Among a tag population of up to ten thousand tags, the probability that any two tags simultaneously generate the same 16-bit sequence shall be less than 0.1%.

The chance of guessing the next 16-bit sequence generated by a tag shall be less than 0.025% even if all previous outputs are known to an adversary.

To confirm the suitability of the current design of J3Gen for handling the statistical and randomness requirements defined above, different pseudorandom sequences using the parameters defined in Section 4 shall be generated. The three EPC Gen2 statistical requirements tests are presented. To accomplish these tests, 30 million 16-bit pseudorandom sequences are generated using an implementation of the J3Gen design. This dataset size is chosen since it is the minimum necessary for a truly generated random sequence to accomplish the proposed requirement [

First, the probability of occurrence of any given value shall lie between probabilities defined in Equation 2. The results shown in

The second property for building an EPC Gen2 compliant PRNG requires that two simultaneous identical sequences must not appear with more than 0.1% probability for a population up to 10,000 tags. To test this property, 10,000 instances of J3Gen, initialized at random, are used to simulate the test scenario. We conducted ten tests, running 1,000 iterations per test. The second row of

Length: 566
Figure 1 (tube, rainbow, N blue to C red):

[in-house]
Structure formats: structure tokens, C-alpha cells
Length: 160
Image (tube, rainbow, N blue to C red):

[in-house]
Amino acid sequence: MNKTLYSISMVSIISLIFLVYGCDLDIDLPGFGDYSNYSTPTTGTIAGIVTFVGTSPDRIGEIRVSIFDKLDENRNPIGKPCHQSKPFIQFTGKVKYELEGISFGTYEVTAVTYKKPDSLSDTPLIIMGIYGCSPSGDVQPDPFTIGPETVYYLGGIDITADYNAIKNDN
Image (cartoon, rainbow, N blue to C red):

Finally, to statistically confirm the fulfillment of the third property, we computed the degree of dependence of the ongoing bits regarding their predecessors, using the same pseudorandom sequences. Based on the results shown in

The energy used for a (cryptographic) operation depends on the average power and the duration of the computation. For passively powered devices such as RFID tags, the average power transmitted from the reader to the tag is relatively small (although, in general terms, the reader can supply the power during all the operation time [